Knowing that this is not a hand-made gun, I am not disapointed in the fit and finish of mine. It is certainly equal to any Ruger Red Label that I've ever handled in that regard, if not perhaps a little more nicely turned out.

I might be among the few, but I really like the handling dynamics of the IZH 43 a lot. I shoot this gun better than any I've tried thus far.

And I think it looks good, too. The metal is evenly polished and blued. I've seen plainer walnut on guns costing many times what these go for new.

It is the perfect shotgun for the shooting that I do because it does it all for me and I shoot it well. I am not ashamed to admit that I like it much better than the Ugartechea it replaced. I have no reason to believe that I won't get at least the same 25 trouble-free seasons of use out of the IZH 43 that I got from the Ugartechea.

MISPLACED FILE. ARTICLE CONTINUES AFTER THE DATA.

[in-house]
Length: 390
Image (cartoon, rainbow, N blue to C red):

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 Post subject: Re: Baikal MP220 / IZH 43 Side by Side
PostPosted: Wed Jul 13, 2011 6:31 pm